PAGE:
Month: June 2015

Avira Wins the Case against Angry Birds-Styled Game

A lawsuit against Avira was filed when the security software had earlier blocked a bundle of software downloads from a game. Freemium GmbH has filed the lawsuit against the antivirus giant stating that Avira has dismissed the software updates released by the game firm. Freemium had claimed up to six months in prison sentence and a whopping amount of €250,000 fine against Travis Witteveen, the managing director of Avira on the ground of violation of trade regulations in Berlin District Court. Freemium GmbH has filed a cease-and-desist order against Avira in Berlin District Court when the German security firm has issued warnings of bundle of additional software released by Moorhuhn Remake game. The security firm warned that the software bundle might pose threat to gamers’ computers. However, the three-judge panel in Berlin District Court has rejected the lawsuit on the ground of lack of adequate evidences and also ordered Freemium to bear the court costs of €500,000 (US$551,000), as per the latest updates released by Avira of the case. Earlier in May, Berlin District Court has given verbal verdict and now, the court has given written orders. Avira has warned users that the download manager of Moorhuhn Remake software is a Potentially Unwanted Program (PUP). This PUP category of software is not directly marked as malicious software, but such software may enable other malicious software such as, adware to...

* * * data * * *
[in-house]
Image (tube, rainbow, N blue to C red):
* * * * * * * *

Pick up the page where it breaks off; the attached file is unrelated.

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China-US Cyber War Update: Chinese Hackers Had Access to US Security Clearance Database

Chinese hackers have kept the World Wide Web busy with as the news of their cyber onslaught of US government systems revealed over the weekend. Over the five years, US intelligence agencies were tracking multiple groups of Chinese hackers who were extracting information from various US segments including energy plants, defense contractors, and electronics manufacturers. However, US agencies have lost track of some Chinese hackers over the one year as they shifted their target to US government systems and hit the Office of Personnel Management. And how they cracked and burrowed deep into those systems is recently discovered as New York Times released a spine chilling update. NYT’s findings revealed that Chinese hackers not only attempted to hook in top the database, but they actually had access and inside help into the database. NYT said: “Undetected for nearly a year, the Chinese intruders executed a sophisticated attack that gave them “administrator privileges” into the computer networks at the Office of Personnel Management, mimicking the credentials of people who run the agency’s systems, two senior administration officials said. The hackers began siphoning out a rush of data after constructing what amounted to an electronic pipeline that led back to China, investigators told Congress last week in classified briefings. Much of the personnel data had been stored in the lightly protected systems of the Department of the Interior, because it had...